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The President divides the nation

By Emil Jurado | Feb. 14, 2013 at 12:01am
Today is the day for lovers—St. Valentine’s Day. It’s also the most commercialized and abused day of the year.  All prices go up – from Valentine cards to restaurant meals and hotel rooms.  Even the prices of flowers and chocolate have gone sky high.

It’s also the day for illicit love affairs where motels and places of assignation are fully booked. Tomorrow is reserved for the wives.

I don’t know who started all these.  In other countries, people don’t go overboard on Valentine’s Day. But we Filipinos have this penchant to overdo things.

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The nation is already divided as it is. But when President Aquino described the May 13 polls as a choice between black and white—an obvious dig on the complexion of Vice President Jojo Binay —the President further divided the country.  It sounds funny that senatorial candidates of the administration coalition are calling for unity.  What hypocrisy!

The President wants us to vote for his candidates.  He says they are the ones really treading the straight path. He says there are people who are just pretending to be with him but who are actually against him.

That Mr. Aquino cannot seem to get rid of his yellow ribbon and his penchant to wear yellow shirts says a lot. How petty and immature for a president!

But there is really no distinction between the administration coalition and the United Nationalist Alliance. P-Noy is just giving his all-out support for his candidates because he wants a rubber-stamp Senate.  He already has the Supreme Court under his thumb with the appointment of Ma. Lourdes Sereno as chief justice.

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Senator Miriam Santiago just can’t keep her trap shut.  She wants her share of the limelight again. This time, she seeks an investigation of the claims made by Senate President Juan Ponce Enrile in his memoir—on martial law, the Plaza Miranda bombing, the Edsa People Power revolution and many other things.

There is also this senatorial wannabe who says that Enrile’s denial that he staged his own ambush, which in turn led to the proclamation of martial law, is a lie.

Miriam may just be the best propagandist for the Enrile book – it is now on its fourth printing, with over 20,000 copies sold. No wonder Enrile is smiling from ear to ear.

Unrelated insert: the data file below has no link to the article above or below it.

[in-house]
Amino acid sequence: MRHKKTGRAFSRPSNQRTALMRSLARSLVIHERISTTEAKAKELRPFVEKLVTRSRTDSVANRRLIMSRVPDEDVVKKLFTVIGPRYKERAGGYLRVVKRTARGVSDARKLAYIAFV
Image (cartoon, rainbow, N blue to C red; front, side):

So why not create a Truth Commission that will establish, once and for all, what really happened in those supposedly historical moments?  President Aquino should heed this suggestion.  History has been distorted so many times. He owes it to Filipinos of today and of the next generations.

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Media outfits, particularly broadcast networks, have been crying foul over the new time allotment issued by the Comelec. Just recently, GMA-7 broadcast company took it upon itself to call the attention of the poll body on the controversial provisions.

The networks wanted to know—in fact, they have sought clarification from the Supreme Court—whether the shortened airtime limits granted to a candidate (120 minutes for national and 60 minutes for local positions) already cover the total time for political advertisements that a candidate is allowed to use on all television networks and stations, including cable TV.

Due to the restrictive nature of the guidelines, an appeal has been made to Comelec to reinstate the rules followed in the past elections that imposed air time limits on a per-station basis. Rightly so. The new rules seem to be leading the broadcast networks to quite an unreasonable and compromising position in that a TV network and its officers could be penalized for any violation of a candidate with respect to airtime limits.

The Comelec already affirmed this following a hearing, but despite the well-founded efforts of GMA-7 and the Kapisanan ng mga Brodkaster sa Pilipinas, Comelec said that the new airtime limits would remain, and further clarification would follow only for the right of reply and prior notice provisions, which I believe clearly restrains press freedom.

While the Comelec may issue rules and guidelines and monitor election offenses, is it fair to put the burden of making sure that candidates adhere to airtime allotments rule on the broadcast entities? Never mind additional costs, but as we all know politics is very dynamic in this country, and broadcast networks could start pointing at each other, saying that the violation did not occur in their own turf. And more importantly, the Comelec rules restrict the right of people to know and be informed about the candidates.

My gulay, what is sad about this is that the Supreme Court has not issued a temporary restraining order on these rules issued by the Comelec.  Election period has already begun!

I believe the Comelec is confusing these issues.
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